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Abstract

▪ Abstract 

Oysters have been introduced worldwide to 73 countries, but the ecological consequences of the introductions are not fully understood. Economically, introduced oysters compose a majority of oyster harvests in many areas. Oysters are ecosystem engineers that influence many ecological processes, such as maintenance of biodiversity, population and food web dynamics, and nutrient cycling. Consequently, both their loss, through interaction of overharvest, habitat degradation, disease, poor water quality, and detrimental species interactions, and their gain, through introductions, can cause complex changes in coastal ecosystems. Introductions can greatly enhance oyster population abundance and production, as well as populations of associated native species. However, introduced oysters are also vectors for non-native species, including disease-causing organisms. Thus, substantial population, community, and habitat changes have accompanied new oysters. In contrast, ecosystem-level consequences of oyster introductions, such as impacts on flow patterns, sediment and nutrient dynamics, and native bioengineering species, are not well understood. Ecological risk assessments for future introductions must emphasize probabilities of establishment, spread, and impacts on vulnerable species, communities, and ecosystem properties. Many characteristics of oysters lead to predictions that they would be successful, high-impact members of recipient ecosystems. This conclusion leaves open the discussion of whether such impacts are desirable in terms of restoration of coastal ecosystems, especially where restoration of native oysters is possible.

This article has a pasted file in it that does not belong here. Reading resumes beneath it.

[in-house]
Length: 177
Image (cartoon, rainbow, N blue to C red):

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/content/journals/10.1146/annurev.ecolsys.36.102003.152638
2005-12-15
2024-05-26
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  • Article Type: Review Article
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